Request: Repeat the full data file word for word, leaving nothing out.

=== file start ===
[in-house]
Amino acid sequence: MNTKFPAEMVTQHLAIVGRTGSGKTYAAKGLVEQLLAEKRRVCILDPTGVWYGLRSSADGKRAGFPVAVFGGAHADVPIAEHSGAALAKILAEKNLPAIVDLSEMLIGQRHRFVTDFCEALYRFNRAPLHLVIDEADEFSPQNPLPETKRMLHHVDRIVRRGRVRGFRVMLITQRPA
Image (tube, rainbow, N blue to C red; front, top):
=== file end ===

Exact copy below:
[in-house]
Amino acid sequence: MNTKFPAEMVTQHLAIVGRTGSGKTYAAKGLVEQLLAEKRRVCILDPTGVWYGLRSSADGKRAGFPVAVFGGAHADVPIAEHSGAALAKILAEKNLPAIVDLSEMLIGQRHRFVTDFCEALYRFNRAPLHLVIDEADEFSPQNPLPETKRMLHHVDRIVRRGRVRGFRVMLITQRPA
Image (tube, rainbow, N blue to C red; front, top):